tor religio-political reasons and
fifteen have resigned in protest. All
state universities have to pass through
similar troubles, but in time they are
The women or Holland have in
itiated the most remarkable of all the
current peace movements. . They have
called an international meeting at
The Hague to consider practical meas
ures for ending war. It is announced
that Jane Addams will preside.
The Duke or Orleans is in hard
luck. Patriotism inspires him to fight
tor France, but she will not enlist him,
nor will her allies, out or courtesy,
ir it were for pure love or a fight,
Villa might take him.
The question whether the Prinz
Eitel Friedrich will interne or make a
dash to sea may hinge on the ques
tion whether a fog favors escape from
British cruisers on the night when
her time expires.
Even the vegetarian, in his lapses.
will admit there is nothing finer than
Oregon Spring lamb, and that it
brought the record price in the local
yards yesterday was to be expected.
American clergymen in Cuba are be
ginning late in protesting the fight
Laymen at home think Willard will
do real missionary work by whipping
Judge Stevenson is trying to raise
the standard of veracity among gam
blers. He might turn his attention
to other occupations fishermen, for
Lloyd-George's proposal of prohibi
tion for England is a war measure,
and the little Welshman is big enough
to make it go.
Oregon now has two highway en
gineers, one going ana one coming,
and between them should get some
Nevada clings tenaciously to the fa
vorite sports of its pioneer days. It
excepts poker from the prohibition of
Whenever the Administration wishes
the Mexicans to think it really means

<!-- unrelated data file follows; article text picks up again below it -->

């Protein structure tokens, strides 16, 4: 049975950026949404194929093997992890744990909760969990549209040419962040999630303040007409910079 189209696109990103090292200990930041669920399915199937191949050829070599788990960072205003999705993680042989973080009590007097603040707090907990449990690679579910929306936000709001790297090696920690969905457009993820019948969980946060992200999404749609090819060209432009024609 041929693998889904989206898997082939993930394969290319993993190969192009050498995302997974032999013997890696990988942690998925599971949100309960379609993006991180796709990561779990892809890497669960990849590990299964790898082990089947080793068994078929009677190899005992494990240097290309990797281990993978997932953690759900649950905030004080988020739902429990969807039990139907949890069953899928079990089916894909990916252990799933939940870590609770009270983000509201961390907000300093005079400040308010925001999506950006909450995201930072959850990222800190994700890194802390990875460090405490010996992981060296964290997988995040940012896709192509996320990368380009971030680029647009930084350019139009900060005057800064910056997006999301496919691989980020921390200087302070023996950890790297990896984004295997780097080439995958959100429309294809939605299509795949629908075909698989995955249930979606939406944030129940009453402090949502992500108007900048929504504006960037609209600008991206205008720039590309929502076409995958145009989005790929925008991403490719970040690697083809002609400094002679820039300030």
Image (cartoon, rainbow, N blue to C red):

business, it sends General Funston.
Snow on the Salt Lake field will
give the "Venetians a chill from which
they cannot recover.
Under the new administration.
Greece has become aggressively neu
tral. Today concludes a record March in
Portland for weather of right quality.
Real optimism in Germany is shown
by continued work in the shipyards.
If you cannot put one over tomor
row, just bite and appreciate the Joke.
The Breslau has as many lives as a
cat It has been disabled once more.
Eggs are getting low enough in
price to be eaten by thrifty people.
It was an auspicious opening for
the Beavers, , . .-. . ....
Half & Century Ago
From The Oregonian March-31, 1S63.
A London correspondent of the New
Tork Tribune reports that Queen Vic
toria will not open Parliament in per
son. Her friends and advisers have
urged her to try to open the season as
brilliantly as possible, but her condi
tion, physically and mentally, just at
this time is considered critical by some.
The Oregonian has received a call
from Charles Shively, who was a pas
senger on the illfated bark Industry,
which was wrecked off the bar. Mr.
Shively gave kn account of the disaster
most interesting and valuable.
L. J. Rector and H. Parker, or Walla
Walla, the delegates from that county
to the Washington Territory Union
convention at Claquato, called on us
A crowd collected at the corner of
First and Morrison last night to wit
ness the raving of a woman on the
awning and roof surrounding the old
"El Dorado" saloon building. What
created the fuss nobody seems to un
derstand, but the poodle, the washtub,
clothesrack and all flew miscellaneous
ly for a short space of time.
The old adage of "burying the
hatchet" is generally conceded to .be
healing all feuds existing between the
parties compromising a difficulty. A
day or two since, on Couch whart, an
ardent leader of one of the most be
nevolent institutions of the city and a
prominent church member became em-
oroiled. They started to enjoy a Joke
together but the Joke went too far and
after some loud talk they agreed to
"bury the hatchet." The next day one
of them wanted to use the real instru
ment and failed to find It where the
other told him he had burled it.
A, L. Sutton and Miss Alice Campbell,
both of Canyon City, were married by
Judge W. Lair Hill, of Grant County,
Washington A Richmond paper ad
mits that, on the report of a rebel, the
damage done by Sherman is placed at
Surveyor Burrage finally struck bot
tom at Front and Main streets while
hunting out a place to set the monu
menta authorized by the Council.
Submarine Safety Device.
PORTLAND, Or., March 30. (To the
Editor.) While reading of the awful
fate of the unfortunate fellows who
go down in submarines with so little
hope of ever getting to the surface